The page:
Shared ideas about how we should behave have an important influence on our health. How we maintain our appearance, what we eat, how we move around our neighbourhoods and what we do to look after ourselves when we are ill, are all affected by ideas about what is appropriate behaviour. This will vary considerably depending on, amongst other things, our age, ethnicity, gender, religion and social status. Such matters of individual preference are shaped by the ideas of those around us – by our parents, teachers, friends and neighbours. Such conventions are not formal rules, like laws or regulations, and so going against them may, at times, result in little more than social awkwardness, but they nevertheless, shape our behaviour. In other cases, social norms may be so strongly entrenched that flouting or ignoring them might come at great cost.
Sociologists and social psychologists often refer to such informal conventions as ‘social norms’. One sociologist defined a norm as: ‘a statement specifying how a person is, or persons of a particular sort are, expected to behave in given circumstances – expected, in the first instance, by the person that utters the norm. What I expect of you is what you ought to do.’ 
This definition raises questions about the dual aspects of norms. On the one hand a norm can describe what a particular kind of person might do, an average response to a specific situation. But norms also have a prescriptive aspect – a norm is not just an average response, but how a person is supposed to behave in given circumstances. To make this distinction clear, some authors reserve the term ‘social norm’ for these prescriptive (‘normative’) expectations, and use the term ‘descriptive norm’ for other less demanding requirements. However, whether individuals’ behaviour corresponds to any set of expectations is always an open question that needs empirical investigation.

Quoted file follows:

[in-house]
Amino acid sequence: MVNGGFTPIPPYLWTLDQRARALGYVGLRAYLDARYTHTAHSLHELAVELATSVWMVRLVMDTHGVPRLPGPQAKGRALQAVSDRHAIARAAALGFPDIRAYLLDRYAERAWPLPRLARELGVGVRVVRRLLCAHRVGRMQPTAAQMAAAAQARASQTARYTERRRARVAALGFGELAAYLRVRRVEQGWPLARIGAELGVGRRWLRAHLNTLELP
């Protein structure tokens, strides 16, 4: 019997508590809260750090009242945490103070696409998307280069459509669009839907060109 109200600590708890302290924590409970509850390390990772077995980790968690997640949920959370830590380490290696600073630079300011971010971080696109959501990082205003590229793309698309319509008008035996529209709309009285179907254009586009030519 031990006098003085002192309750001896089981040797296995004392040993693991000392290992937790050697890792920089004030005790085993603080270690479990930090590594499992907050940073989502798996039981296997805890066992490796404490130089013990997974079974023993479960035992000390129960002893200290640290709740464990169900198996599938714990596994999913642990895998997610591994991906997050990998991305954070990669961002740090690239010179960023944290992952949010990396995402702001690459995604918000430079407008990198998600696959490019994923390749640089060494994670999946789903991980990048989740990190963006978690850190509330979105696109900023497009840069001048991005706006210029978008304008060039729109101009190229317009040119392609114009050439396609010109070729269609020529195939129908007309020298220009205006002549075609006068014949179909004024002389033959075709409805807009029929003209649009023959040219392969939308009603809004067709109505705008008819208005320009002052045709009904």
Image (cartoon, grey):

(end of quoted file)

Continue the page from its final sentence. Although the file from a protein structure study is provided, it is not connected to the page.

As a bioethicist and a sociologist interested in the ethics of public health, we think that norms may provide additional description and explanation of people’s health-related behaviours to those used in current health policy. Neither approaches which explain everything in terms of individual choice (ignoring the contexts in which those choices are made), nor those that see individuals as blindly responding to their environments seem entirely satisfactory. Thinking about the operation of social norms in relation to health allows us to develop better understandings of people’s behaviour, and explain how certain behaviours are important to our identities.
In order to develop these ideas further we organised an interdisciplinary workshop in early September 2019. Our participants included ethicists, psychologists and social scientists. These researchers presented their work on topics such as the cost of beauty practices, healthy eating behaviour, public health campaigns on anti-microbial resistance, toilet use and vaccination refusal. Over two days we listened to this diverse and very rich range of collection of case studies and discussed our very different theoretical approaches to norms. As with many interdisciplinary conversations, one early challenge was to be clear about the terms we were using – including what we meant by the term ‘norm’. We also found that some disciplines allow researchers to develop strongly normative conclusions, whereas in other areas description is much more highly valued.
At the end of the event we felt like we had only just begun to address a complex topic and were left with a series of questions for further investigation. These include:
- Given that various disciplines define and approach social norms differently, how do we achieve cross-disciplinary dialogue?
- To what extent should we take a critical or normative approach to social norms?
- When and how do norms change, and can we direct these processes?
- Should we design public interventions that work with existing norms? Or, should we also aim at changing them?
- What happens when norms conflict?